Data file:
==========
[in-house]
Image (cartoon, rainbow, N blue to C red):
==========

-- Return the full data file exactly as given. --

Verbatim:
[in-house]
Image (cartoon, rainbow, N blue to C red):